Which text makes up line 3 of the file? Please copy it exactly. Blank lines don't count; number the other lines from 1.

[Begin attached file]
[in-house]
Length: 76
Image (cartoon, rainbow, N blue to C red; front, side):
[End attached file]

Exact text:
Image (cartoon, rainbow, N blue to C red; front, side):